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Long Marston

With its wonderful collection of period houses and many modern interpretations, Long Marston has a particularly distinctive streetscape and is blessed with beautiful surrounding countryside. There are miles of scenic footpaths waiting to be discovered including the Grand Union Canal towpath and Tring Reservoirs nature reserve, or you could jump in the car to nearby Tring, Berkhamsted or Aylesbury for a cultural, retail or caffeine fix.

Local information

Transport

Cheddington (2.4 miles)

Tring (3.9 miles)

Stoke Mandeville (4.8 miles)

Aylesbury (5.2 miles)

Wendover (5.3 miles)

Nearby schools

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Local schools

The area in depth

Sheep graze in fields behind hedgerows that run alongside the approach roads to Long Marston and provide a charming and rural backdrop of country living, reinforced within the village by the majestic All Saint’s Church and traditional Queen’s Head pub and restaurant.

Catching up over coffee, the weekly shop, retail therapy or a cultural fix are all easy to come by in the neighbouring towns. Closest is lovely Tring, just 3.5 miles away, with coffee shops, restaurants, butchers and ironmongers, M&S Food Hall and Tesco. Equally lovely and larger Berkhamsted is just 8 miles away and goes one further than Tring with an eclectic collection of independent boutiques and a Waitrose. Both towns have weekly street markets; Tring has the Pendley Court Theatre and Berkhamsted the gorgeous Rex Cinema.

If you want to go big, the modern shopping centres and large department stores of Aylesbury (15-20 mins by car), Hemel Hempstead and Milton Keynes (both around 30 mins) are accompanied by multiplex cinemas, sports and leisure clubs and, at Aylesbury, a recently completed £42m theatre. Alternative, reward yourself with five-star pampering at the world-renowned Champneys Health Spa can approximately six miles to the south.

There are a good range of leisure and recreational options in the area, not least of which Long Marston Cricket Club, one of the most respected village cricket clubs in the Hertfordshire and Buckinghamshire region with many junior teams and three senior teams. Next to the cricket ground is the “small but very sociable” Long Marston Tennis club. Also nearby is the National Trust`s 5,000 acre Ashridge Estate and golf courses at Ashridge, Berkhamsted and The Grove.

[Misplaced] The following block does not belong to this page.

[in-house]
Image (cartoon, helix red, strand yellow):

The area has excellent local schooling, including Long Marston C of E primary school and Tring Comprehensive School. For those who prefer the independent sector, Tring Park School for the Performing Arts and Berkhamsted School both have superb reputations.

Cheddington and Tring stations, only 2.5 and 5 miles away respectively, have regular direct trains to London Euston taking 35-40 minutes. Wendover station, around six miles away, connects direct to Marylebone in around 50 minutes. The A41, less than four miles away, provides dual carriageway access direct to the M25 (junction 20), while Hemel Hempstead provides access to the M1 (junction 8). London’s Heathrow (34 miles) and Luton (18 miles) airports are also remarkably accessible.

Long Marston’s name derives from the word Mershton (literally, Marsh Farm), by which the village was known in 1287. By the mid 1700s this had evolved into Long Marcon.

A place in history is assured as the scene of England's last witch-hunt. Ruth Osborn was famously captured and drowned here – and thus presumably declared innocent, just moments after the horse had bolted.

Formerly part of nearby Tring, Long Marston’s ecclesiastical parish was joined with the neighbouring hamlet of Wilstone in 1894 to form the new civil parish of Tring Rural, separating the village from the larger market town.

  • Explore the beautiful local countryside and Tring Reservoirs
  • Enjoy real ales and village life at the Queens Head
  • Hop on a train from nearby Cheddington station, and head into London
  • Nip into nearby Mentmore and have dinner at The Stag
  • Discover or develop your sporting prowess at the tennis and/or cricket club

Among a scatting of half-timbered thatched houses, Long Marston has a confection of particularly lovely terraces of pretty workers cottages from the Victorian period as well as a stock of large semi-detached and detached properties from the early 1900s, and the mid-to-late 20th century. Low-pitched roofs, gables and dormers have found favour among both newer and older homes and these give Long Marston a pleasing and particular flavour.

Properties in the area

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